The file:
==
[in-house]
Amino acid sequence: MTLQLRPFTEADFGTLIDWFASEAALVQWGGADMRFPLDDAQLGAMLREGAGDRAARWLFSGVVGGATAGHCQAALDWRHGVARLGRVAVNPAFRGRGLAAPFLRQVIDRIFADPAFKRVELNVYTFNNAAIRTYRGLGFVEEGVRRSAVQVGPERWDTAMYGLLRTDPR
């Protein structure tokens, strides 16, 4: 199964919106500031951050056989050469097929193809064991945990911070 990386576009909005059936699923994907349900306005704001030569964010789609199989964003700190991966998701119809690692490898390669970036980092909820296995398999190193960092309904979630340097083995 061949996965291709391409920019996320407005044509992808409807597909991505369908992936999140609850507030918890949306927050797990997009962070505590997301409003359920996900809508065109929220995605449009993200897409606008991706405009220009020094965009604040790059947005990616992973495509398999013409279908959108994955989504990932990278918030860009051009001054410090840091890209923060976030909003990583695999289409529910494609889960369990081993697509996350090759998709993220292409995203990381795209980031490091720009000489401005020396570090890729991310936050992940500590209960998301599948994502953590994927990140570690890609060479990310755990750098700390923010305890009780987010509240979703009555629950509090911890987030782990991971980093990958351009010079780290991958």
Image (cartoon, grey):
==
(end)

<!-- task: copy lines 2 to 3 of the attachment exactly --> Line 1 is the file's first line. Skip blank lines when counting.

Amino acid sequence: MTLQLRPFTEADFGTLIDWFASEAALVQWGGADMRFPLDDAQLGAMLREGAGDRAARWLFSGVVGGATAGHCQAALDWRHGVARLGRVAVNPAFRGRGLAAPFLRQVIDRIFADPAFKRVELNVYTFNNAAIRTYRGLGFVEEGVRRSAVQVGPERWDTAMYGLLRTDPR
């Protein structure tokens, strides 16, 4: 199964919106500031951050056989050469097929193809064991945990911070 990386576009909005059936699923994907349900306005704001030569964010789609199989964003700190991966998701119809690692490898390669970036980092909820296995398999190193960092309904979630340097083995 061949996965291709391409920019996320407005044509992808409807597909991505369908992936999140609850507030918890949306927050797990997009962070505590997301409003359920996900809508065109929220995605449009993200897409606008991706405009220009020094965009604040790059947005990616992973495509398999013409279908959108994955989504990932990278918030860009051009001054410090840091890209923060976030909003990583695999289409529910494609889960369990081993697509996350090759998709993220292409995203990381795209980031490091720009000489401005020396570090890729991310936050992940500590209960998301599948994502953590994927990140570690890609060479990310755990750098700390923010305890009780987010509240979703009555629950509090911890987030782990991971980093990958351009010079780290991958």